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All of the Republican candidates for the Governor primary in Michigan are against the legalization of marijuana. Only Lt Gov Brian Calley, who opposed the petition to add Autism to the list of qualifying conditions for medical marijuana said he supports medical marijuana. Current Attorney General Bill Schuette tried conflate marijuana with opioids and giving children drugs. Gubernatorial Primary Debate in Grand Rapids on May 9, 2018 DR. JIM HINES: I, I don't support the legalization of recreational marijuana. I think that would be bad. There's a ton of research that needs to yet be done. The interactions with medicine. What kind of cancer does it cause? Ahh, the impact on memory, your ability to work, and so I think that there's a ton of work that needs to be done. But if it's passed, I think that we have to deal with it and we have to, we have to know that the bus driver that is driving your kids is, is, is not under the influence of marijuana. We need to figure out how to keep it out of the hands of minors, and so there are a lot of things that need to be discussed and worked through, ah, as a government to, to make sure that ah, it can be as safe as possible, but I do not support the legalization of recreational marijuana. SENATOR PATRICK COLBECK Well, first let me be clear, I will respect the will of the people as expressed at the ballot box, so if they make it legal, I will respect that will. But I'm telling you I'm personally opposed to it and here's why. Right now I have 31,000 job openings in my District. Um, businesses are still putting drug tests out there for employees. If you're smoking recreational marijuana, you're not going to pass that drug test. And I don't want our government assistance roles to increase. I actually want to get people gainfully employed so they can, um, get a good job and take care of their families. If we go down this route, um, I think we're going to see an increase in our government assistance costs and that's not a road I want to take Michigan down. We finally got our fiscal house in order and this has an opportunity to actually, um, bankrupt our state. It's not a course I'd like to pursue, but we'll make it work no matter what happens. LT. GOVERNOR BRIAN CALLEY I do not support recreational marijuana, but I want to be clear that I will respect a vote of the people. I do support medical marijuana on the other hand. In fact, it's becoming more and more clear that it may have a role to play in defeating the opioid addiction epidemic. But this is an opportunity I think for, for a clear contrast. Bill Schuette led the charge against medical marijuana, even after the will of the voters was decided, and the support was enormous, he still continued to fight against the will of the voters, keeping patients from the medicine that they need. So I think it's important that we all speak up on what we think about this initiative, but when the voters have their say, their will must stand. ATTORNEY GENERAL BILL SCHUETTE I'm opposed to the legalization of marijuana, but ah, I think the citizens across the state will have the opportunity to vote and democracy will prevail. I'm concerned about putting more drugs in the hands of kids and the opioid epidemic that is raging across Michigan and America is real. You know we've — recently we had more prescriptions for opioids than there are people in the State of Michigan. I was at an event in Oakland County last week, I met a woman who shared with me that, that her son had died through ah, ah, opioid overdose and it breaks your heart. And we need to crack down on the pill-mill docs, we need to, you know, crackdown on the heroin dealers that peddle this ah, heroin to those who are in the grip of addiction, and I have an Interdiction Unit at the Department of Attorney General to do just that. President Trump asked me to come to the White House to discuss the issue of ah, opioids and how the federal government and the states can work together. I think that's another reason why President Trump endorsed me as Governor of the State of Michigan.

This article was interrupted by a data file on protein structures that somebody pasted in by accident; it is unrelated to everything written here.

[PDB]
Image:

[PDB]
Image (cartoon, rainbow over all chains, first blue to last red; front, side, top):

Marijuana as a Gateway Drug: The Myth That Will Not Die If all the arguments that have been used to demonize marijuana, few have been more powerful than that of the “gateway effect”: the notion that while marijuana itself may not be especially dangerous, it ineluctably leads to harder drugs like heroin and cocaine. Even Nick Kristof — in a column favoring marijuana legalization — alluded to it this week in the New York Times. In what is known as the “to be sure” paragraph, where op-ed writers cite the arguments of opponents, he wrote: I have no illusions about drugs. One of my childhood friends in Yamhill, Ore., pretty much squandered his life by dabbling with marijuana in ninth grade and then moving on to stronger stuff. And yes, there’s some risk that legalization would make such dabbling more common. The idea that marijuana may be the first step in a longer career of drug use seems plausible at first: when addicts tell their histories, many begin with a story about marijuana. And there’s a strong correlation between marijuana use and other drug use: a person who smokes marijuana is more than 104 times more likely to use cocaine than a person who never tries pot, according to the National Institute on Drug Abuse. (More on Time.com: 7 Tips for California: How to Make Legalizing Marijuana Smart) The problem here is that correlation isn’t cause. Hell’s Angels motorcycle gang members are probably more 104 times more likely to have ridden a bicycle as a kid than those who don’t become Hell’s Angels, but that doesn’t mean that riding a two-wheeler is a “gateway” to joining a motorcycle gang. It simply means that most people ride bikes and the kind of people who don’t are highly unlikely to ever ride a motorcycle. Scientists long ago abandoned the idea that marijuana causes users to try other drugs: as far back as 1999, in a report commissioned by Congress to look at the possible dangers of medical marijuana, the Institute of Medicine of the National Academy of Sciences wrote: Patterns in progression of drug use from adolescence to adulthood are strikingly regular. Because it is the most widely used illicit drug, marijuana is predictably the first illicit drug most people encounter. Not surprisingly, most users of other illicit drugs have used marijuana first. In fact, most drug users begin with alcohol and nicotine before marijuana — usually before they are of legal age. In the sense that marijuana use typically precedes rather than follows initiation of other illicit drug use, it is indeed a “gateway” drug. But because underage smoking and alcohol use typically precede marijuana use, marijuana is not the most common, and is rarely the first, “gateway” to illicit drug use. There is no conclusive evidence that the drug effects of marijuana are causally linked to the subsequent abuse of other illicit drugs. Since then, numerous other studies have failed to support the gateway idea. Every year, the federal government funds two huge surveys on drug use in the population. Over and over they find that the number of people who try marijuana dwarfs that for cocaine or heroin. For example, in 2009, 2.3 million people reported trying pot — compared with 617,000 who tried cocaine and 180,000 who tried heroin. (More on Time.com: See photos of cannabis conventions) So what accounts for the massive correlation between marijuana use and use of other drugs? One key factor is taste. People who are extremely interested in altering their consciousness are likely to want to try more than one way of doing it. If you are a true music fan, you probably won’t stick to listening to just one band or even a single genre — this doesn’t make lullabies a gateway to the Grateful Dead, it means that people who really like music probably like many different songs and groups. Second is marijuana’s illegality: you aren’t likely to be able to find a heroin dealer if you can’t even score weed. Compared with pot dealers, sellers of hard drugs tend to be even less trusting of customers they don’t know, in part because they face greater penalties. But if you’ve proved yourself by regularly purchasing marijuana, dealers will happily introduce to you to their harder product lines if you express interest, or help you find a friend of theirs who can. Holland began liberalizing its marijuana laws in part to close this particular gateway — and indeed now the country has slightly fewer young pot-smokers who move on to harder drugs compared with other nations, including the U.S. A 2010 Rand Institute report titled “What Can We Learn from the Dutch Cannabis Coffeeshop Experience?” found that there was “some evidence” for a “weakened gateway” in The Netherlands, and concluded that the data “clearly challenge any claim that the Dutch have strengthened the gateway to hard drug use.” (More on Time.com: Is Marijuana Addictive? It Depends How You Define Addiction) Of course, that’s not the gateway argument favored by supporters of our current drug policy — but it is the one supported by science. Read more: http://healthland.ti.../#ixzz24ZZCdBDB